Mad magazine cartoonist created popular Fold-In

“Mad Magazine” cartoonist Al Jaffee — who worked to create one of the satirical publication’s signature features, the back-cover “Fold-In” — has died.

He turned 102 on March 13.

His granddaughter, Fani Thomson, confirmed his death to the New York Times on Monday.

He died of multi-system organ failure at a New York hospital.

The magazine’s site posted a tribute to the “incomparable” Jaffee, with current and former staffers honoring him as a “humble and kind creator,” “wholly creative soul,” “at heart, a rascal,” “a national treasure” and more.

“Al was, at heart, a rascal,” said John Ficarra, a former Mad editor-in-chief who worked with Jaffee for more than 35 years, according to the tribute. “He always had a playful twinkle in his eye and brought that sensibility to everything he created.”

“Al Jaffee was an incredibly gifted man who touched our hearts and never failed to make us laugh,” Jim Lee, chief creative officer and publisher of DC, said in a statement on the site. “He garnered the highest accolades and praise in the world of illustrations and comics.“

Tim Heintjes, editor of Hogan’s Alley, an online magazine about cartoon arts, also announced the news on Twitter.

“I’m very sad to report that the great Al Jaffee has died,” Heintjes wrote. “He had celebrated his 102nd birthday just last month. An incredible legend. RIP to a giant of cartooning.”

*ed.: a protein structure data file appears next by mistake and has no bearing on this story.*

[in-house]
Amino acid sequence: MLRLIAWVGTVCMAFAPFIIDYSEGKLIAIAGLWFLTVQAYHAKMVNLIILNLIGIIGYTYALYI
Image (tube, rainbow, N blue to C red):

Legendary "Mad" cartoonist Al Jaffee had died at age 102.
Legendary “Mad” cartoonist Al Jaffee has died at age 102.

Jaffee created the Mad Fold-In in 1964, and it continued until he retired in 2020, according to the Times.

The feature on the back of the magazine appeared to look like any other page, but when you folded it into thirds, the illustrations and text would turn into something totally different.

Many of them would have surprise jokes, too.

Jaffee was born in Savannah, Georgia, to two Jewish immigrants from Lithuania.

When he was 6, his mother brought him and his three younger brothers back to her shtetl in Lithuania, which was only supposed to last for a few months, but instead, it lasted six years, according to the Times.

However, it was there that his love for cartoon drawing began, as his father would send him and his siblings packages with Sunday cartoons from America in them, according to the outlet.

He later returned to America when he was 12 and attended the High School of Music and Art in New York, where he was part of the school’s first class.

He began his career in cartoons in the 1940s, illustrating for publications like Joke Comics and Atlas Comics.

He started working with Mad Magazine in 1955, with only a brief interruption in between when he worked for Humbug Humor Magazine, according to Deadline.

Jaffee was the creator of the popular Mad Fold-In feature.
Jaffee was the creator of the popular Mad Fold-In feature.

He returned to Mad in 1958 and worked there until his retirement.

“In the late 1950s, I went to Mad with some scripts, and the new editor, Al Feldstein, bought all of them,” Jaffee told Vulture of his hiring in a 2008 interview.

“Al was a very hands-on editor. No MAD piece was ever bought without his approval.”